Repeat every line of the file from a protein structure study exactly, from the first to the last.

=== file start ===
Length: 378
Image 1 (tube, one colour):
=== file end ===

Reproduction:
Length: 378
Image 1 (tube, one colour):